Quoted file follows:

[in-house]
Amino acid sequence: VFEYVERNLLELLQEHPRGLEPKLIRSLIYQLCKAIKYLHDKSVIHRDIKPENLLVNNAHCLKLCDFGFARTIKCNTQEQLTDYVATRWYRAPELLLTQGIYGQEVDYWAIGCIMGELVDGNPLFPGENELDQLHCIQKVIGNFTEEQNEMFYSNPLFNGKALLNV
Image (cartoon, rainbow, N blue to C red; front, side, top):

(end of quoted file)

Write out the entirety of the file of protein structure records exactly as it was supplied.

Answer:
[in-house]
Amino acid sequence: VFEYVERNLLELLQEHPRGLEPKLIRSLIYQLCKAIKYLHDKSVIHRDIKPENLLVNNAHCLKLCDFGFARTIKCNTQEQLTDYVATRWYRAPELLLTQGIYGQEVDYWAIGCIMGELVDGNPLFPGENELDQLHCIQKVIGNFTEEQNEMFYSNPLFNGKALLNV
Image (cartoon, rainbow, N blue to C red; front, side, top):